Consultation on local veterinary inspectors review
1. We note the increasing shortage of vets with interest or experience with farm animal practice and husbandry and training in animal behaviour, environmental matters and meat (i.e. post-mortem) pathology. The trend to practice not involving animals exploited for food, industrial products, "sport" and research is understandable in terms of human and professional welfare but diminished in the purview of the well-being of livestock of all species (including human) and the environment. Some liaison with the relevant workings of the Home Office is required.
2. LVIs are increasingly seeing opportunities in farm management and plans for productivity and health, in which animal welfare may – and must – be understood. Entry and inspection of farms is essential by vets, preferably independent (e.g. as members of the SVS or appointed with supervisory powers by retailing and marketing organisations). Involved LVIs must be as committed as the farmers they work for in prosecutions resulting from infringements of regulations and good practice in animal welfare. The LVI’s responsibility must not be undermined by approvals, say for the use or non-use of drugs or by other vets employed by pharmaceutical companies or lay agencies.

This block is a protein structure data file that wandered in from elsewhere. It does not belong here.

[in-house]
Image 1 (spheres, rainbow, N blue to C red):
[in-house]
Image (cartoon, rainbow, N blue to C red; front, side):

3. Supervision at markets, collection centres, dealerships, slaughterhouses and knackers’ yards must be the responsibility of the SVS, in order to avoid conflicts of interest and local pressures embarrassing LVIs undertaking such duties.
Dr. Alan Long